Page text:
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Back Pain and Gardening 25 March 2014

Posted by davidghallam in back pain, gardening, healthy living, muscle pain.
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Working in the garden can be great exercise and has all the benefits of getting out into the fresh air and sunshine.

For many people, gardening is the only real form of exercise they get.

Care needs to be taken when returning to the garden after the inactive winter months:

 Before you start, make sure your tools are right for you. Ask advice at your garden centre about the height of the spade, hoe or fork you should be using. There are lighter ranges, long-handled ranges and those with ergonomic handles. It makes sense to try different types and find the ones for you.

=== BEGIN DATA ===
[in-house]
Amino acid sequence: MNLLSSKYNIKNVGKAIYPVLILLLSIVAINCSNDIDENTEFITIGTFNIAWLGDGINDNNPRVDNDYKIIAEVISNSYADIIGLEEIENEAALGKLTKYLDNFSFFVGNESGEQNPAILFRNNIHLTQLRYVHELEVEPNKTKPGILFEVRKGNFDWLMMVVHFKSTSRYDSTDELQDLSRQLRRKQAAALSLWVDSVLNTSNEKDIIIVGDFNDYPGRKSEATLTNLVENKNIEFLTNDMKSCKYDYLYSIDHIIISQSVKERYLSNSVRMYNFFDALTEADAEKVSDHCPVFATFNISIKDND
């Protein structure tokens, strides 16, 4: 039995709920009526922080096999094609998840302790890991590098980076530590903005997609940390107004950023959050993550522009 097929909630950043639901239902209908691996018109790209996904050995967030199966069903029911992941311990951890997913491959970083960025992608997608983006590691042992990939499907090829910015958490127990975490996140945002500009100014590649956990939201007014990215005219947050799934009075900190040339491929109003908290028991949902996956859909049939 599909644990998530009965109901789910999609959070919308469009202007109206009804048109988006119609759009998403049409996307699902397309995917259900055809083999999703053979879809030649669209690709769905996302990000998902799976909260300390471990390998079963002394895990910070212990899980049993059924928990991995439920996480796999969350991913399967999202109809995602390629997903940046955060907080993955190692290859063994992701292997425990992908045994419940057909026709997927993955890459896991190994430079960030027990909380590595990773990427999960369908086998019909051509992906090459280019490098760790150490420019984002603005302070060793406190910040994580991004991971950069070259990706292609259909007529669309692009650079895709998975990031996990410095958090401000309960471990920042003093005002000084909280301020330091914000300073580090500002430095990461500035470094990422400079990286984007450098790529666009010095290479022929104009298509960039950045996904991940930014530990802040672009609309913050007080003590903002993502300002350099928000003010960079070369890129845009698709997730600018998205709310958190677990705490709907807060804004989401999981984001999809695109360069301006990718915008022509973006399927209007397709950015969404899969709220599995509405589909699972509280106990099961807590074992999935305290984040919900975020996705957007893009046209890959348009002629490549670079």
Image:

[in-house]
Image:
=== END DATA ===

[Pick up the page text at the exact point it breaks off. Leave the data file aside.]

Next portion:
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Look after your back – choose the right bed 25 October 2013

Posted by davidghallam in back pain, healthy living, muscle pain, neck pain.
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Every year up to 40% of the population – over 16 million of us – will suffer a bout of back pain and if you’re one of the unlucky ones, you will find that the state of your bed will quickly become a priority. A good bed, providing correct support and comfort, has an important role to play in relieving and preventing back pain. Here are some tips: